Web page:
BC’s tech sector needs thousands of new tech workers, pronto (Province). A feature article notes that 10,000 new jobs need to be filled this year, on top of the 75,000 already employed across all sectors of the industry. These are good jobs with above-average pay, stimulating and creative work environments and exciting opportunities for career progression. And you don’t even necessarily need a background in tech — university graduates and people looking to shift careers just need a willingness to learn, enthusiasm for technology and some transferrable skills.
So it seems odd that tech companies may actually have trouble filling all those new jobs. While the significant need for new workers bodes well for the tech industry overall, a spokesperson for the Applied Science Technologists and Technicians of B.C. quoted in the same article seems to suggest that people may still be very wary of entering the tech industry. Are vestigial memories of the dot-com bubble bursting at the turn of the century really still giving so many people the willies in 2008?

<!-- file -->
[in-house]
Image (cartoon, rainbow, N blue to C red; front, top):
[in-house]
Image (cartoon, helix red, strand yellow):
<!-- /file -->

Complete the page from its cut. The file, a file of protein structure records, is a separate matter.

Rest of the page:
The problem is perhaps one of unreal expectations. The early days of the Internet were indeed filled with far too many technology enthusiasts with audaciously big ideas and multi-million dollar budgets to match — but without anything close to the technology needed to back it up. When investors recognized the scale of the disconnect between available technology and their business plans, they stampeded for the exits. It was a bad scene for everyone.
But the tech industry has matured since the bad old days of irrational exuberance — hasn’t it? Sure, tech companies have ambitious plans, but we also have better Internet technology, bandwidth and computing power to actually implement business plans. It’s too bad that memories of the Information Age’s difficult birth may still be turning people away from an industry that is actually doing quite well at the moment.
Will BC’s tech industry be able to find all the workers it needs? If the industry as a whole can’t achieve its ambitious targets this time around, it will have far more to do with a lack of human resources than technology.